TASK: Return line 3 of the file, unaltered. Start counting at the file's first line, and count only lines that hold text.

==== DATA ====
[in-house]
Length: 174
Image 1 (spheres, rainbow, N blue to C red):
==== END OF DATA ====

Image 1 (spheres, rainbow, N blue to C red):